News story

Talisman helps British forces counter the IED threat

The arrival of the new Talisman counter-IED system in Afghanistan is helping 15 Field Support Squadron, 38 Engineer Regiment, deal with the menace in less time and more safely.

This was published under the 2010 to 2015 Conservative and Liberal Democrat coalition government
A soldier from 15 Field Support Squadron operates a Talon remote-controlled robot which forms part of the latest counter-IED technology

A soldier from 15 Field Support Squadron operates a Talon remote-controlled robot which forms part of the latest counter-IED technology [Picture: Crown Copyright/MOD 2010]

The improvised explosive device is the biggest threat to life for troops on the ground in Afghanistan.

Scattered throughout Helmand province, these indiscriminate weapons kill and maim both ISAF and Afghan forces as well as innocent Afghan civilians.

However, the British Armed Forces now have a revolutionary new capability called Talisman which is being used to counter the threat.

15 Field Support Squadron, who are based in Ripon, North Yorkshire, are the first troops to use the new system on the ground in Afghanistan.

Talisman is comprised of armoured vehicles, optical cameras and remote-controlled vehicles.

This life-saving equipment is being used to support combat logistic patrols which can be up to several hundred vehicles in total and trek through the country delivering vital supplies to bases for the troops on the front line.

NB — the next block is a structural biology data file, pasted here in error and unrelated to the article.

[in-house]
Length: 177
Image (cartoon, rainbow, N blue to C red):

Talisman is also starting to be used in combat infantry roles, such as for deliberate route clearances.

Major Thomas Donohoe, Officer Commanding 15 Field Support Squadron, explained:

What Talisman brings is a remote capability. It keeps soldiers out of the contact zone of the IED, massively reducing the danger.

The optics and the unmanned aerial vehicle lower the threat to the team on the ground. It will save lives.

The vehicles and equipment used by the Talisman Troop include a specially equipped Mastiff vehicle, known as ‘Protected Eyes’, and a Buffalo - the most highly protected vehicle on operations.

Both vehicles have V-shaped hulls fitted with ballistic armour which deflect blasts.

There is also a small robot on caterpillar tracks known as a Talon. It is armed with high tech optical equipment which can be operated from the safety of the armoured vehicles. Talon is used to detect and defeat the IED on the ground.

Once the IED threat has been dealt with, the high mobility engineer excavator (HMEE) is brought into play.

The HMEE is an armoured JCB with incredible manoeuvrability which is used to repair any damage caused by IED blasts. It can smash through wadis (rivers), fill holes and move debris to allow combat logistic patrols to pass through.

Not only vital for patrols, this technology has had a positive impact on the local people. Major Donohoe explained:

If we cause damage to the routes through removing these deadly devices, it’s important we rebuild them.

We can show the local people that we’ve made the route safe and then if a device is planted after we’ve moved through them they know it has been laid by the insurgents.

This shows the Afghan people how little regard the insurgents have for their safety.

Major Donohoe is proud of what 15 Field Support Squadron has achieved in a short space of time. He said:

We have trained hard for our role out here. With the new kit we can search for, clear and destroy IEDs much more safely than before.

On clearance operations in the last couple of weeks, the Talisman Troop has led the way, detecting and destroying IEDs and ultimately saving lives.

Published 8 July 2010